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This question is probably one of the most popular questions around and while searching for a solution, I've found many but the code below was the most suitable for me.

What it actually does is that it creates another list and iterates through the old list and add the element always to the head of the new list.

Node *reverseList(Node *oldList)
    Node* newList=NULL;

        Node *temp=oldList;

    return newList;

However when I decided to re-implement this idea without looking at this code I've changed place of the oldList=oldList->next; and put it after the newList=temp.

My question is does it really make a difference? I couldn't comprehend the reason because after all you are iterating through the oldList. Why would it require to be done immediately after the *temp declaration?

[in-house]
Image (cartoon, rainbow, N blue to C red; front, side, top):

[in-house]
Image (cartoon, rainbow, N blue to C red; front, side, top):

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I'm not sure what your question is. Are you saying that when you change the order of the code, its behaviour changes? The way to rationalise all linked-list manipulation problems is to draw a bunch of boxes and arrows on a piece of paper. – Oliver Charlesworth Apr 25 '12 at 12:58
up vote 2 down vote accepted

After doing

Node *temp = oldList;

both pointers point at the same place. Since

temp->next = newList;

will overwrite the next pointer of oldList (because it points to the same thing as temp at this stage), you need to update oldList from its next pointer first.

share|improve this answer
Thank you so much for the great explanation! – Ali Apr 25 '12 at 13:05

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